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Life-threatening or organ-impairing Henoch-Schönlein purpura: plasmapheresis may save lives and limit organ damage.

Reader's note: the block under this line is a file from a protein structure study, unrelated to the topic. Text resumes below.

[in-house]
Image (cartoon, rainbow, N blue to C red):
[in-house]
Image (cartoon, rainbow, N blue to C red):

Adult-onset Henoch-Schonlein purpura (HSP) tends to become chronic-relapsing, yet rarely leads to organ impairment, e.g. due to chronic glomerulonephritis. Bed rest, compression and nonsteroidal anti-inflammatory drugs are usually sufficient to control the active phases. We report 2 cases of adult HSP with an unusually severe evolution. One patient required intensive-care treatment for hypovolemic shock caused by hemorrhagic pancolitis; the other had progressive and extremely extensive vasculitic leg ulcers. Both were refractory to common immunosuppression with systemic corticosteroids (oral and pulse) and additive steroid-sparing immunosuppressive drugs. Only after the introduction of plasmapheresis did both patients show a dramatic improvement in the disease, with rapid and almost complete healing. Plasmapheresis is a rarely used therapeutic tool in the treatment of severe HSP, but the growing literature on its highly beneficial effect underlines its potential usefulness.

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